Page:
Thursday, February 4, 2010

Push or Pull... What's Your Marketing Plan?

By Jennifer Spitzer

I had a discussion with a client earlier today about his lead generation strategy for the coming year. After finalizing plans for the targeted direct mail campaigns, I told him the programs would bring in a steady stream of good prospects during the year but the small mailings alone won’t be enough to sustain the business. “How are you going to kick-off your selling season to the larger audience of prospects in your market?” I asked. We went on to discuss co-op mailings, B2B efforts, magazine and email – all of which are great traditional “push” strategies.

If you’re a push marketer, you’re not sitting around waiting for prospects to come to you. Push marketing is about being aggressive in your pursuit of new business and more often than not, you’re going to attract more prospects this way. Pull marketing, like social media and pay-per-click advertising, means you’re going to attract prospects that are already looking for what you have to offer. This is important too because if someone wants or needs what you sell, you want them to either think of you first or find you before they find your competition.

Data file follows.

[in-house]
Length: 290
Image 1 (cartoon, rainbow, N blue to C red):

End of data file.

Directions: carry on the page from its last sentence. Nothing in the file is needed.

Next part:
Push or pull… what should you do? A fellow marketing pro talking to a group of executives was encouraging the group to move toward the pull model and then went on to say it’s up to you as the business owner to decide which is better and adjust your strategy accordingly. The point I’m about to make brings me back to the original discussion I had with my client.

After finalizing the budget for the Push Tools, he asked, “Since I’m doing all this, do I really need to invest in the internet and my original pay-per-click plan?” If we had been in the same room together, rather than on the phone, I would have been shaking him by the shoulders as I yelled “Yes! Yes! Yes!”.

The thought of deciding between a push or pull strategy and then adjusting your plan accordingly is absurd to me. You must do both, especially in this current market. When potential new customers look for your product or service, you need to pull them in. At the same time, you need to aggressively push your business out to good prospects with unrelenting perseverance.

Rather than try to decide if you should push or pull, take a look at your strategy for the coming year and ask yourself if there’s a healthy mix of both in your plan. If there isn’t, you still have some work to do.


  1. Especially in today's marketplace, a marketing "professional" suggesting to employ only one strategy for reaching customers seems to be self serving to this "professional's" expertise.

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